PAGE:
When I first performed, I used to sing to a sruti of 5 kattai or 4-1/2 kattai. My voice used to be very facile. Later, my voice dropped in sruti, way down to one kattai. It all happened In his own voice 25 l SRUTI March 2009
Quite rapidly in the space of two months. And even at one kattai, my voice could only reach the tara shadja for the highs and the madhya shadja for the lows. Singing higher than the tara shadja was difficult, and so was singing below the madhya shadja. Hence I was constrained to sing within one sthayi at that time. To overcome my problem, I practised for about three hours everyday with the tambura.
How I practised
I used to set the sruti high and then try to hold the tara shadja which used to be difficult, but I would practise this for a while. I would take a suitable raga and practise the phrases dha ni sa, pa dha ni sa, ma pa dha ni sa, etc., along with the proper bhava of the raga, to try and strengthen the shadja. Then I would proceed upward to halt on ri and then take a look at ga and then try ma. I only managed to reach the ma this way. Then I would lower the sruti to 2-1/2, 2 kattai and sing the high notes a little easier, and then move to 1- 1/2 kattai and sing with even more ease. I had to work really hard, sing open-throated and practise strenuously to bring the voice into shape.
Vidwans I like
In Madurai, I have heard a lot of concerts of Mazhavarayanendal Subbarama Bhagavatar. I have heard the musical discourses and concerts of Harikesanallur Muthiah Bhagavatar. He sang many Tyagaraja compositions and other great pieces. The discourses were very musical. Also in Madurai, Nagaswami Bhagavatar sang a lot of Tyagaraja kriti-s in his concerts. He would not repeat kriti-s in the many concerts I heard! I had a great opportunity to listen to many different kriti-s of Tyagaraja, all those in vogue as well as many rare ones. He was a disciple of Walajapet Venkataramana Bhagavatar, a prime disciple of Tyagaraja. I have heard concerts of the Karaikudi Brothers accompanied by Dakshinamurti Pillai on the mridanga, and Kancheepuram Naina Pillai, with Malaikottai Govindaswamy Pillai on the violin and Dakshinamurti Pillai on the mridanga. I have listened to many, many concerts of Ariyakudi Ramanuja Iyengar and Maharajapuram Viswanatha Iyer, Veena Dhanammal, great naagaswara vidwans during temple festivals and night processions, staying up all night and walking behind them.
The adhara sruti should be set so that the tara shadja is easy to reach, but not so easy that it is floating and fragile. If you hold the tara shadja in an extended manner with karvai, you should be able to hold it with firmness and strength, without tiring. Only then can you sing the higher notes like ri, ga, ma, easily and attuned to sruti. Much of musical phrasing in our current music is in the upper reaches. These are also the notes heard with clarity and which grab audience attention. If you sing in the lower octave, people nearby can hear it clearly and only knowledgeable rasika-s like it. The adhara shadja should also be held well and firmly. Even if you are only able to intone the lower ni dha pa in a soft manner, that’s okay, but the tara shadja is very important, it should be held with strength and firmness.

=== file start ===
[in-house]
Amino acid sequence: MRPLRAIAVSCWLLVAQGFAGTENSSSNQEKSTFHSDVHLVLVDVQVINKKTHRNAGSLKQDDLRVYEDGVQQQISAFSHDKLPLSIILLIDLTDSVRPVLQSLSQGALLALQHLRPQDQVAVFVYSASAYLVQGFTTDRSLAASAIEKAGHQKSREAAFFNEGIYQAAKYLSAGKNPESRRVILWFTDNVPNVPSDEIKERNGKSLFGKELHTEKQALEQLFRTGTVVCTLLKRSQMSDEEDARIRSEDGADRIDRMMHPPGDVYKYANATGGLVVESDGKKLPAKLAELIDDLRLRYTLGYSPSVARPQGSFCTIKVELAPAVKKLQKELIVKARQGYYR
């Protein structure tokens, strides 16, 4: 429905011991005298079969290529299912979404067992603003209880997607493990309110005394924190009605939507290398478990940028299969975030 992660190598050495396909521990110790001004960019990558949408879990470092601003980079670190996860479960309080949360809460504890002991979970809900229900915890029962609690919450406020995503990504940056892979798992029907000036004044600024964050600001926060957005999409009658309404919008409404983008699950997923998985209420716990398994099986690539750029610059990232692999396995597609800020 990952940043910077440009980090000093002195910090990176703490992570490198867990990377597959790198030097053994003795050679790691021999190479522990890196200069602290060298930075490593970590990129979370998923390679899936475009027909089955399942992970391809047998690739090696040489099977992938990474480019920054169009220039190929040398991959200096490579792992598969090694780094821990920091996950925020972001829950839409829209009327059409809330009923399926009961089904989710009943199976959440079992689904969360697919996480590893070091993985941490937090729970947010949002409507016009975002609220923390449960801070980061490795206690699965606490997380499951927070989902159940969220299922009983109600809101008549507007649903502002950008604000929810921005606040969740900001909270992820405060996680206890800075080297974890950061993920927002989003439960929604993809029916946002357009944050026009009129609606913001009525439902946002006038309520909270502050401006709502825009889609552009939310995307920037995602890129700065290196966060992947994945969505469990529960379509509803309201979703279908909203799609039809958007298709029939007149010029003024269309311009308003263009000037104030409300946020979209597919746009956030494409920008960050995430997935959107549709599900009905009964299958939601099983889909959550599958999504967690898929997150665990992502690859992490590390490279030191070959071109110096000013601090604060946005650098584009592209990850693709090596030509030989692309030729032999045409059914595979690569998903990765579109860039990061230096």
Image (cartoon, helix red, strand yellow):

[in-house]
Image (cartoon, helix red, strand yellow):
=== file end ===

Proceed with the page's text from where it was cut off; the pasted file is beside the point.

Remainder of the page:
My swara style
My style is not unique. Mazhavarayanendal Subbarama Bhagavatar used to sing swara-s like this. When I was a student and a novice, I heard a lot of his music. He used to sing swara-s even for many rare raga-s, his sarvalaghu manner of swara singing used to be very good. I tried to sing like that and develop my swara singing. My style is a direct outgrowth of that.
As long as the raga bhava is not spoiled, there is nothing wrong in doing arithmetic swaraprastara with tisra, misra, etc. If the voice admits of this exercise, and if the arithmetic is also interesting, then there is no problem at all. We can all enjoy it.
Advice for young musicians
They should hear many concerts of senior vidwans. However talented, the youngsters lack experience. Their music will not be fulfilling. They should observe how the senior vidwans make their concerts a success and please all varieties of listeners, how they use their voices in a concert hall, how they employ the various thick and thin shades in their voices, how they plan their concerts. These are all to be learnt by direct observation, however well they sing or practise their music. They must listen to the senior vidwans over and over again, there’s no other way, but don’t have to imitate them. It will all jell together over time as they keep singing and attentively listening to the senior vidwans.